It continues to argue that superiority does not emanate from the film’s subject per se. Instead, it is more on how the subject is “treated” within the whole course of the story (Giannetti 1990, p. 378). Films may possess outstanding screenplays, magnificent cinematography and awesome musical scores. However, the manners in which these aspects are put together are still determined by the director. As Giannetti (1990) explained “movies ought to be judged o the basis of how not what (p. 378). ” Thus, if the latter’s “stylistic treatment” (Giannetti, 1990, p. 378) is inferior or closed to being mediocre, the whole film crumbles and falls apart. The pragmatic application of this school of thought has found a special space within the heart of small British filmmakers (Phillips 1999, p. 12). In here, the resource limitations of small filmmakers were perceived as boon rather than bane. Implicitly, this situation has led them to take total control or mastery of their film content (Phillips 1999, p. 12) due to the lack of interest conflicts and market driven pressure. This is in stark contrast to Hollywood filmmakers who are often encapsulated with the impediments of producers (Giannetti 1990, p. 379). However, this does not necessarily mean that American film directors are not worthy of honour and praise. As a matter of fact, many of the auteur theorists have acknowledged the artistic styles of Hollywood directors who have managed to assert their own approach through manipulating certain aspects of the film (Giannetti 1990, p. 378). And one of the most renowned auteur directors of American Cinema is Alfred Hitchcock. Alfred “Auteur” Hitchcock Alfred Hitchcock is one of the most prolific mystery/suspense/thriller directors of all time. The well-respected filmmaker has readily mastered this craft.

So much so, that such film genre would never be discussed without mentioning his name (Derry 1988, p. 8). Hitchcock is suspense and suspense is Hitchcock. One of the implications of the auteur in Hitchcock is his ability to take hold of the audience’s attention. He is very much equipped in retaining the interest and excitement of the film. For example, in the film Under Capricorn, Hitchcock seems to bring in the audience into the whole narrative. In Under Capricorn, one cannot help but wonder on the strange and eccentric actuations of the main character Henrietta. A beautiful woman married to a rich and fine man, Flusky.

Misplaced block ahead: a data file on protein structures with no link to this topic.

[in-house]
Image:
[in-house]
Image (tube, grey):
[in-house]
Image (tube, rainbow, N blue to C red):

Despite of the abundance and wealth that she experiences, seems to be lost. But then again, although, her oddity is well presented in the film, much of the suspicions were diverted to her husband Flusky. The movie seems to portray that Henrietta was yet another helpless victim. In the film, it was shown that Flusky was rather known as an aloof foreigner who was able to earn his fortune in a new land. He can be best described as someone who does not know how to trust anyone.. Moreover, one of the early scenes in the story showed a man holding a decapitated head, tried to persuade Flusky to engage into such illegal trade.

When Flusky declined, the other man called him a “murderer. ” As an audience, the impact was hard to ignore. Somehow, it made the viewers inquisitive. It made the audience curious on Flusky’s real personality and about the things that he does when he is at his house. The “horror” effect on Flusky was even highlighted when Charles arrived in the dinner invitation. His mansion seems to be located in a far flung area. The lighting was very dim. The house was also accompanied by a big tree which evokes creepy feelings and disturbed emotions.